This week we explored some new materials. Sam C suggested we consider Mylar (AKA biaxially-oriented polyethylene terephthalate) for its reflective properties. It’s also very thin, so would blow dramatically in the wind. We wondered if we could utilize each of these properties to (continuing our nature theme) create a water-like effect in light?
Luckily the material is relatively cheap, we acquired 50ft for less than $40. Shining direct light on the material while it’s moving creates an array of compelling effects we’re only just beginning to understand, and a small piece of material can create a surprisingly large light effect on nearby surfaces. We tried crumpling it, cutting it up, shining images or colored light onto it… it feels like there’s lots of potential.
This evening we placed a small construction by the window, where it would blow in the breeze. We then shone a theatrical light on it. Here is the effect:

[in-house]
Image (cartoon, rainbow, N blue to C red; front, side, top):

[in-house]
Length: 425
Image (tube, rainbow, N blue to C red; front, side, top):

Our next steps are to understand how the effects might work in the space itself – there are quite a few environmental factors to consider at North End Way. How will natural light affect it? How will the wind affect it? Will we be able to create a more convincing effect at night? Will reflections appear clearly on the glass walls or ceiling?
We also need to explore how we involve people more. We have some early ideas, but these all depend critically on how the reflection effect works in the space – so we’ll need to gain a clearer understanding of that first. We’ll be returning to the space for experimentation very soon.